What would you do if your tax preparer signed a deal with the Internal Revenue Service to “help” you comply with tax laws by forwarding them your pay stubs, bank statements, and other asset details, so that they could compare this “raw data” to your current and previous years’ tax filings, make sure there were no “compliance” issues, and bill you for what they think you owe? What if the press releases announcing this merger–err, agreement–shined an innocent light on it, by explaining how much simpler will be for tax advisors to work directly with the IRS to establish an “agreed upon, accurate” tax liability position for you that will “stand up in an audit?” Would you trust that the tax prep company, in coordination with the IRS (based on the terms in an undisclosed agreement) would always put your best interests first? Or, perhaps, would you fear that they had basically contracted with the IRS to perform “voluntary soft audits” on all their gullible clients, in order to win financial favor from the powerful institution?
Well the good news is that, as far as I know, none of the major tax preparation firms have agreed to send the unnecessary and minute details of your pecuniary life to the IRS. If they had, however, no one could blame you for being a bit suspicious. In my view, a back-door integration of tax prep “discovery” data with IRS databases and calculations would be a clear violation of your privacy (and trust) as a client, and represent an obvious conflict of interest for the tax preparer. It’s their job to help you take advantage of every possible deduction and credit, so that you can pay the IRS as little as (legally) possible, remember!? Under a mystery agreement like the one described above, would you ever be able to trust that the information gathered wouldn’t be used against you to initiate (or intimidate you with) an audit?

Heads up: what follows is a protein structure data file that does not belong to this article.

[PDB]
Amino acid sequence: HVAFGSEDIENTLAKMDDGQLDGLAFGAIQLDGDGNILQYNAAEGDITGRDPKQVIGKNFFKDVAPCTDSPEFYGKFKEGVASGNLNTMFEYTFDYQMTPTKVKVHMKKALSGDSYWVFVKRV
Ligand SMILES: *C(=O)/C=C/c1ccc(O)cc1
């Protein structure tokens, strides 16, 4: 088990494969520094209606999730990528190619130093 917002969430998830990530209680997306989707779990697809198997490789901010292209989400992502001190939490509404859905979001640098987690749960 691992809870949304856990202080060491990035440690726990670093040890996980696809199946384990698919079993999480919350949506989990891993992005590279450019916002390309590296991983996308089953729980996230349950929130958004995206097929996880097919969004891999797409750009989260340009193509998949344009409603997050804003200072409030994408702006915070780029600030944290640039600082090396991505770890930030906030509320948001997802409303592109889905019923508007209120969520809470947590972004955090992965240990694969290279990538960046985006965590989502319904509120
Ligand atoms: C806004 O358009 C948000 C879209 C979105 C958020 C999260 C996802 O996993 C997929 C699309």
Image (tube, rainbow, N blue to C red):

Like tax preparation services, software asset management (SAM) tools are supposed to help you take full advantage of every right and opportunity afforded to you by the software entitlements you’ve paid for, and help reduce costs via license optimization. Therefore, SAM tools should be able to help you stay in compliance without reporting every accidental discrepancy or inadvertent installation to software vendors.
Unfortunately, however, some SAM vendors have actually started entering into partnerships with software publishers (such as Microsoft) like the fictional one described above, without properly addressing or even acknowledging the potential financial consequences their clients may face as a result of this information sharing. And if you read through the press releases and news articles announcing these programs, instead of bringing clarity, the language they use frequently appears vague, confusing, and even misleading.
Why is that? SAM has never been a service provided by a publisher to “help” a client stay in “compliance.” That’s like letting the fox inspect the henhouse for security vulnerabilities. So, why are these organizations attempting to redefine the term? You and I know that many software publishers simply want as much of your money as they can get, which is why they make no distinction between deliberate software theft and accidental or inadvertent installation or usage during an audit. What makes publisher-based SAM any different than an audit? The fact that you ask for it?
In conclusion, software asset management is not the practice of voluntarily inviting software publishers in to see what you have, tell you what you owe them, and inform you of what else you need to buy to make them happy (with the unspoken threat of an involuntary audit hanging over you). SAM is the practice of understanding, maintaining, and optimizing your software license entitlements, based on your needs, your decisions, and your best interests. As such, Sassafras Software will never sign any agreements with software publishers disclosing the details of your computer network or discovery reports to auditors or salespeople, and we find it alarming to think that the SAM industry we’ve worked so hard to define and defend may one day be co-opted by the sly practices of deep-pocketed publishers.